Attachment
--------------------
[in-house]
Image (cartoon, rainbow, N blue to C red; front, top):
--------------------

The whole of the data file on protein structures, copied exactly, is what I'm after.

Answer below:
[in-house]
Image (cartoon, rainbow, N blue to C red; front, top):